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Boisi Center for Religion and American Public Life

The Role of Catholic Universities in American Public Life

The Role of Catholic Universities in American Public Life
David O'Brien, College of the Holy Cross
Location: Boisi Center, 24 Quincy Rd.
Time: 12:00-1:15 pm

photo of David O'Brien

Catholic higher education in the United States stands at the far end of changes that amounted to a Catholic "academic revolution". Between 1967 and 1972 most Catholic colleges and universities transferred ownership and responsibility from sponsoring religious orders to independent boards of trustees. This remarkable process arose from the wider American Catholic experience of what is commonly called Americanization, the movement of many American Catholics from ethno-religious subcultures into the mainstream of American life, a movement measured by income, education, social status and residence. That historical experience was regarded positively because meaning was assigned in terms of Americanism, a body of ideas that affirmed the ideals and practices of American life. In recent years leaders of Catholic higher education have found themselves increasingly on the defensive because the entire experience of Americanization has been called into question. The higher education argument takes place over matters of ecclesiastical discipline (e.g the mandatum for theologians) or supposed church teaching (e.g. the Vagina Monologues or gay rights groups) but the growth of wider concern about personal and institutional integrity and the loss of confidence among Catholic academic leaders arises as well from changing assessments of American society and culture. For that reason the outcome of the higher education argument will be determined by wider developments among American Catholics. The current arguments are important, then, not just for American academic life but for American public life, as Catholics constitute a very important component of American society and culture, as you well know. In short, for friends at BC and Holy Cross: a lot is at stake. The mission and identity questions really do matter!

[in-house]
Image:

David O'Brien is Loyola Professor of Catholic Studies and Professor of History at College of the Holy Cross. He has written widely in the history and contemporary life of the Catholic church in the United States. He has served as president of the American Catholic Historical Association and received the Theodore M. Hesburgh Award for distinguished contribution to Catholic Higher Education from the Association of Catholic Colleges and Universities. Among his books is From the Heart of the American Church: Catholic Higher Education and American Culture.

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